No matter what you call it—booty, junk in the trunk, cake, bootius maximus, or round derrière—there’s no denying butts are having an especially, well, big moment right now. To celebrate, we’re dedicating the week to all things ass-inspired—famous celebs with Internet-breaking booties, specialized workout plans, style tips, random trivia, confidence-boosters, and more. Welcome, readers, to Butt Week.
My bottom is large and round. I have a 26-inch waist and 38-inch hips. I work out four times a week, and most would say I’m fit—but my butt ain’t going anywhere.
I’ve accepted the word fat. When you have a big butt, people throw that word at you a lot. I’ve learned to ignore trainers who claim they can work it out. They can’t. The more I squat, the more it grows. In fact, the lazier I am, the smaller it gets, and softer, and just a bit saggy.
I’ve always had junk in my trunk. When I was eight years old, 50 pounds soaking wet, my family joked that I looked like I was wearing a diaper. And that was before butts were cool.
If J.Lo didn’t blow up during the time I was in middle school, I wouldn’t have survived it with a shred of self-esteem. Thunderbutt was my nickname. Luckily, by freshman year of high school, butts were a thing. I wore a mall girl’s version of Jenny From the Block’s green Versace dress from the 2000 Grammy’s to my prom. Jeggings got me through college. Without them, I would’ve subjected my classmates to plumber’s butt in my sad attempt to squeeze into Abercrombie jeans.
But beyond the issue of clothes, there’s the issue of men and my butt. They’re fascinated by it. It doesn’t matter where I am—the subway, the gym, Whole Foods—somehow, guys always manage to graze it. I often wonder if it’s intentional or if it’s just in the way.
It’s ballsy to cop a feel of a girl’s chest—a guy might get away with an extra-tight hug—but for some reason, people think the ass is up for grabs. Catcalls are a friendly hello—because multiple 311 calls to report harassment won’t change that they happen to me several times a day.
And it’s not just strangers—guys I date are amazed by the curve from my waist to my bum. They can play with it for days. I had a boyfriend who used to lick it. Another boyfriend couldn’t decide what he liked more—me or my ass. “Are you sure it’s real?” he kept asking.
A friend who was dating the actor Jamie Foxx asked me to wear a long baggy sweater once when we went out with him. I agreed to hide the fanny, but he seemed to be able to just sense it was there. When she wasn’t looking, he nonchalantly copped a feel, without even looking my way.
All men inevitably beg for anal sex. But it’s not open for business. I’m an anal virgin, I’m saving that for marriage. Just because it’s big, doesn’t mean I want something in it.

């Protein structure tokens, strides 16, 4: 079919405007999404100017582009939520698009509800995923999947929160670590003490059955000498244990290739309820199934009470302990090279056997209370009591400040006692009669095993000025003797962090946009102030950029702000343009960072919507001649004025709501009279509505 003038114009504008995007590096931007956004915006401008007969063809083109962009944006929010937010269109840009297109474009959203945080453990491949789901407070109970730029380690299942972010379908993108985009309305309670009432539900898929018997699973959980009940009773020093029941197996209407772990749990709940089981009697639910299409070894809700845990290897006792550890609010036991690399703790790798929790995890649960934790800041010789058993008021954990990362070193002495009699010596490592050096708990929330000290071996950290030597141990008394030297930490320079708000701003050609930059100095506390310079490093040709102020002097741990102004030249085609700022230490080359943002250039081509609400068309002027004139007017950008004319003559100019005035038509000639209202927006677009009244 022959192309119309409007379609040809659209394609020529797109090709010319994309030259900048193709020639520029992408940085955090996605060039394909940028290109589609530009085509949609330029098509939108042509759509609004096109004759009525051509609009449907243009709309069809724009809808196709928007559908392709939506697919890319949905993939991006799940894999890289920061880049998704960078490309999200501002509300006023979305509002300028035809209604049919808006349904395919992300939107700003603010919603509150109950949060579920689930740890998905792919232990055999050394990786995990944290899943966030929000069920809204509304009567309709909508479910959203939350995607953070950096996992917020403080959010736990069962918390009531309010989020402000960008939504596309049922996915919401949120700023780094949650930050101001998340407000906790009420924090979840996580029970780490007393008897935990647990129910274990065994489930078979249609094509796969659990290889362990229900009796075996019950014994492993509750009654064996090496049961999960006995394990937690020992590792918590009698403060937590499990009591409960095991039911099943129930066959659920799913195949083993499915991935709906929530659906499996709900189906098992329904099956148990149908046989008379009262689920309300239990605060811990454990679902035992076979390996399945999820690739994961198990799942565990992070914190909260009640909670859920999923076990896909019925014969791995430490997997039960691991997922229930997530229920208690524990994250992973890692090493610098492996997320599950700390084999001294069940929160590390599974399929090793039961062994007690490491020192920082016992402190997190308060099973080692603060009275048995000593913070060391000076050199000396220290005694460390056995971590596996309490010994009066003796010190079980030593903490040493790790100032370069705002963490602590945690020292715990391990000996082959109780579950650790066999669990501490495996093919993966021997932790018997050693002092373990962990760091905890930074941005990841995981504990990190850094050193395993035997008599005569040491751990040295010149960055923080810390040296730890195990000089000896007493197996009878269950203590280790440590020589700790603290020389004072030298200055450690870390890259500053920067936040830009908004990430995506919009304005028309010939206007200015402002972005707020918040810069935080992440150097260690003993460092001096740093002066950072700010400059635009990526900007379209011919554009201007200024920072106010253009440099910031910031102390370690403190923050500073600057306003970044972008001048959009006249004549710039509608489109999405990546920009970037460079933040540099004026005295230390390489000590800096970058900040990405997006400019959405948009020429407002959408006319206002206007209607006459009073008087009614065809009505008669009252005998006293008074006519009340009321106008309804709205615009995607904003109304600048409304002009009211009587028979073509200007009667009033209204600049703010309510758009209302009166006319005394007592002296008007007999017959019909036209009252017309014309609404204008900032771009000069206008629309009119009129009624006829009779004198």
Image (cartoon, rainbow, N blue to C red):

One pain in the rear I always endure is the inevitable spanking. It hurts! It still has nerve endings, people.
Men aside, my butt and I do face other challenges. As an adult, I can finally wear clothes that don’t involve spandex, it just involves a lot of extra work. I buy my dresses and pants multiple sizes bigger to be able to fit my rear, then get the rest taken in by a tailor.
But, no matter how I dress, I somehow always end up looking like a Kardashian. It’s just the way it is. If I can’t show off my waist and legs, then I end up looking like a blob. And I won’t even consider wearing pants with pleats.
European designers with their narrow hips and splashy patterns are out of the question. The only thing I can wear off the rack is black and clothes with stretch. Spanx are my pals, but even they seem to get lost in the crevices.
And then there are the logistical nightmares that come with having an ample bottom. It’s hard to pass through large crowds and squeeze in tight places. It’s impossible to move in between tables at a restaurant. It’s bound to catch on fire or knock over a glass.
My posterior also always manages to become the subject of conversation. There’s meaning behind the phrase “butt of the joke”—it’s impossible to be taken seriously when everyone is taking shots at my ass. When I reunited with my best friend after a month apart, the first words out of her mouth were: “I forgot how big your butt is.”
Girls stare just as much as men. They’re either fascinated or disgusted, maybe even jealous. If my butt could talk it would say “Judger, quit looking, you judger!”
I’m of European descent but people often ask if I’m Latina, mostly because of my butt. My friends joke that I’m black from the waist down.
When I’m not wearing heels, I feel dumpy. As crazy as it sounds, when my hair is up, I feel like I’m giving too much attention to my hips.
Those who have been truly blessed (or cursed) with a big butt generally find Kim Kardashian’s ass to be nauseating. The way she flaunts it to no end, the belfies (that’s butt selfies). It doesn’t need to be showcased. Everyone can see it, trust me.
When I hear about women who are considering rear augmentation, it lifts me up. There are people who want this. And so I’ve learned to embrace it.
As long as it’s still round and perky, I’ve got to appreciate it, because the older I get, the older it gets.
And so I’ve learned to remind myself daily that having such a big asset is a blessing, as long as I use it to get my way. I’ll make it twerk, because as they say, never trust a big butt and a smile.
This essay was written anonymously by a New York City-based writer.